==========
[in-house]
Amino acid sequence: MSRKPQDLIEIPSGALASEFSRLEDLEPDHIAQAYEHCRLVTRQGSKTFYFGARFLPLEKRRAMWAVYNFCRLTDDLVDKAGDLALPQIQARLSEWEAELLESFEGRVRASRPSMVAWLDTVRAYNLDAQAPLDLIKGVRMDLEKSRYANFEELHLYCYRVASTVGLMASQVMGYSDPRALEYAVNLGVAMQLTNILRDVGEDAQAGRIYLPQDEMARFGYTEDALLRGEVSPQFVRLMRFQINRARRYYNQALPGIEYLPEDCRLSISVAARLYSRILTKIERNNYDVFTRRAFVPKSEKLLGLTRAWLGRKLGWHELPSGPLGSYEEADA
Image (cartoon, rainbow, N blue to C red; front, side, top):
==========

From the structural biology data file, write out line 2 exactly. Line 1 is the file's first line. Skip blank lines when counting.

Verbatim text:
Amino acid sequence: MSRKPQDLIEIPSGALASEFSRLEDLEPDHIAQAYEHCRLVTRQGSKTFYFGARFLPLEKRRAMWAVYNFCRLTDDLVDKAGDLALPQIQARLSEWEAELLESFEGRVRASRPSMVAWLDTVRAYNLDAQAPLDLIKGVRMDLEKSRYANFEELHLYCYRVASTVGLMASQVMGYSDPRALEYAVNLGVAMQLTNILRDVGEDAQAGRIYLPQDEMARFGYTEDALLRGEVSPQFVRLMRFQINRARRYYNQALPGIEYLPEDCRLSISVAARLYSRILTKIERNNYDVFTRRAFVPKSEKLLGLTRAWLGRKLGWHELPSGPLGSYEEADA